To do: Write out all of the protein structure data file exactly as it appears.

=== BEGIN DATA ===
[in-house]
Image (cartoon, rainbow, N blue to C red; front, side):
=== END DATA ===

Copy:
[in-house]
Image (cartoon, rainbow, N blue to C red; front, side):